My RCA career was progressing, but I hadn't composed a note in over two years. My lyric writing enlivened many a company farewell gathering, however, as I had become the go-to guy for crafting verses, often parodies of well-known songs. (Over the years, I amassed a portfolio of well over a hundred such poems in a variety of forms.) I still jotted down ideas for my own projects and filed them away for future use, assuming I one day would return to my original path.
By 1994, when the York Theatre Company staged Merrily Off-Broadway, I had been promoted at RCA and was deep into the business. I still attended musicals as often as my schedule permitted, though I rarely took notes (except for Sondheim shows, of course). This version of Merrily, which had Malcolm Gets, Michele Pawk, Adriane Lenox, and Danny Burstein in its cast, worked well, though the show's focus on the postponement or abandonment of dreams began to make me a little uncomfortable.
"Tend your dream"
On a European promotional tour in 1996 with a world-famous opera singer, during a particularly honest conversation, I confided that I felt ambivalent about not composing. Her response, while gentle, was reproachful: that for those privileged to have such a gift, it was a sin not to use it.
Over the next several years, I scheduled "composing vacations" from which I would return with sketches that went into the same corner of my dusty desk as the ideas I had jotted down earlier in the decade. I was getting much better at closing than opening drawers. I began looking for another job.
The Kennedy Center's 2002 production of Merrily (with Raúl Esparza, Michael Hayden, Miriam Shor, and Emily Skinner) was the one at which I turned to the old friend who had accompanied me and said, "I don't think I can bear to see this show again. It's too much of a rebuke."
"How did you ever get there from here?"
I was cut loose from RCA in 2005 (yes, I penned my own final farewell poem) with an early-retirement package that was less a golden parachute than a bronze flotation device. I told myself that I would return to my early dream of writing for the theatre, but never kept that promise out of some long-ingrained combination of perfectionism, self-doubt, and fear of failure. Instead, I have consulted for various record labels, worked in public relations, and generally kept my hand in the business.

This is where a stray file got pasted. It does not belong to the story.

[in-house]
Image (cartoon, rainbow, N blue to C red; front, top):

As a charter subscriber to the New York City Center Encores! series, I prided myself on never having missed a production. However, when Merrily was announced for 2012, even with Lin-Manuel Miranda, Colin Donnell, and Celia Keenan-Bolger, I had to overcome considerable reluctance.
Any time I attend a show I've seen before, particularly one with special meaning to me, I experience it simultaneously in the present and the past. During the Encores performance, I alternated among my 2012, 2002, 1994, 1990, and 1981 selves, with little vertigo and surprising equanimity. I somehow had come through to the other side of my conflict into a kind of acceptance. Finally, Merrily could be about someone else, not just me.
"Behold the hills of tomorrow!"
Now, it's 2016, and I am looking forward to seeing Best Worst Thing That Ever Could Have Happened, the documentary about Merrily directed by original cast member Lonny Price. Like me, many of those actors have rolled along very different paths than they expected back then. To this recounting of that bittersweet experience, I imagine I will bring just two selves when I see it: the 1981 dreamer, just shy of his 27th birthday, looking forward to a life in music; and another dreamer, 35 years older, two years into his first marriage, looking toward a limitless sky.
Daniel Guss is a native New Yorker. During his career at RCA, he reissued over 1,000 compact discs, ranging from the recordings of such classical superstars as Arturo Toscanini, Jascha Heifetz, Arthur Rubinstein, Enrico Caruso, Sergei Rachmaninoff, Leontyne Price, and James Galway, to classical music compilations and Broadway cast albums.